Shares in engineer Rolls-Royce Holdings (LSE: RR) fell by nearly 6% this morning after the group’s new chief executive, Warren East, said that 2016 would be “a challenging year”.

Mr East’s comments were made in the firm’s AGM statement. Reading this has left me uncertain about the outlook for the firm. Although Rolls said that trading so far this year has been in line with expectations, the group warns that profits will be “significantly weighted towards the second half” of the year. Relying too heavily on a better second half is often risky, as hoped-for improvements don’t always arrive.

Looking on the bright side, Rolls also said today that if exchange rates remain stable for the remainder of the year, pre-tax profits may be £50m higher than expected. The firm also says that it’s on track to deliver cost savings of £30m-£50m this year.

My view is that the market reaction is probably correct. It’s too early to deliver a verdict on Rolls’ turnaround, but on a 2016 forecast P/E of 25, the shares aren’t obviously cheap. They could fall further.

A limping performance

Rolls’ marine division has been hit hard by the downturn in the energy market. A more surprising casualty of the oil crash is medical technology firm Smith & Nephew (LSE: SN), which makes replacement joints.

Smith & Nephew said this morning that sales in emerging markets fell by 6% during the first quarter as a result of a significant slowdown in China and “in oil-dependent Gulf states”. The firm’s shares were down slightly in early trading, but the news wasn’t all bad.

The company reported a 6% rise in sales in established markets, with the US up 8%. Underlying group revenue rose by 4% to $1,137m compared to the same period last year. Despite this, I’m not sure now is the best time to buy. Smith & Nephew shares currently trade on 19 times 2016 forecast earnings, but broker forecasts for 2016 have been cut by nearly 10% over the last 12 months.

I’m also concerned about falling profit margins, as the group’s operating margin has fallen from 20.4% in 2012 to just 13.6% in 2015. I believe there’s better value elsewhere in the pharma sector.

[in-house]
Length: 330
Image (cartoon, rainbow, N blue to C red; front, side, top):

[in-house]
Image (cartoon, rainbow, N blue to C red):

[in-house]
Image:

Oil troubles have hit this firm too

The wider impact of the oil slump is becoming more and more visible. Rupert Pearce, chief executive of satellite internet provider Inmarsat (LSE: ISAT), said this morning that the firm is seeing a “sustained recession in global maritime and energy markets”.

A reduction in offshore oil activity and high levels of ship scrappage are reducing demand for the firm’s internet services. As a result of this downturn, Inmarsat has cut its revenue guidance for 2016 by $50m to a range of $1,175m-$1,250m.

Given that revenue only fell by $6.2m during the first quarter, the scale of this reduction suggests to me that conditions may continue to worsen as the year progresses.

Inmarsat’s share price is down by 5% so far today, and has fallen by 22% so far in 2016. Despite this, the firm’s shares still trade on a 2016 forecast P/E of about 28. In my view, the worsening outlook makes this too expensive.

Buying into falling shares can be risky. They may continue to fall.

It's often more profitable to invest in stocks with proven earnings momentum. One possible choice is the company featured in A Top Growth Share From The Motley Fool.

This mid-cap UK business is expanding rapidly overseas.

The Motley Fool's experts believe the value of this company could rise by 200% over the next few years.

If you'd like to know more, then download this free, no-obligation report today.

To get started, just click here now.

Roland Head has no position in any shares mentioned. The Motley Fool UK has no position in any of the shares mentioned. We Fools don't all hold the same opinions, but we all believe that considering a diverse range of insights makes us better investors.